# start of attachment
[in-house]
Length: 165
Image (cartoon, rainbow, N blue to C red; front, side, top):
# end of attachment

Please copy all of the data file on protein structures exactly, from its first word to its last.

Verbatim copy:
[in-house]
Length: 165
Image (cartoon, rainbow, N blue to C red; front, side, top):